If you notice a trick-or-treater carrying a blue pumpkin bucket this year, it may convey a message beyond the color of the bucket. The Blue Buckets have a special meaning to those that may visit on Halloween (or whatever time allotted for the different communities). For some, it is a subtle way to let others know more about the person who is out trick-or-treating and has a Blue Bucket.
Last year a young Mother was out trick or treating with her three (3) year son who has autism. The Mother is a Staff Sargent serving with the U.S. Army in Hawaii. Her son is non-verbal, yet like many three-year-olds was excited to go ‘trick and treating’.
Upon reaching the first house the homeowner said to get candy you need to say ‘trick or treat’. The young son started backing away and the Mother had to explain that her son had autism and was non-verbal. According to the Mother, this went on for five blocks until the son motioned to go home.
Reaching out to the National Autism Foundation the Mother found that other parents had experienced the same concerns. This is when the concept of the Blue Bucket campaigned was shared. This year she and her son will be trying the BLUE BUCKET to signify he has autism.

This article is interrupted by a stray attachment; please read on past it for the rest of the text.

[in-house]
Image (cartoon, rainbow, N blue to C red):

So this year when you see a young person with a Blue Basket or Bucket, please ‘treat’ these young people without question and allow them to enjoy this day and don’t worry if they can’t say TRICK OR TREAT. For many young people, this holiday is hard enough without any added stress. Let them be kids and enjoy this FUN day.
Special thanks to S/Sgt. Omairis Taylor, U.S. Army for sharing this story. And thank you for serving our country.
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